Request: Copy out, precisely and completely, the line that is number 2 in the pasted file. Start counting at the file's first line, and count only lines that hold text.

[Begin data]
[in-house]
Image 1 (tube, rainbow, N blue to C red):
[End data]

Image 1 (tube, rainbow, N blue to C red):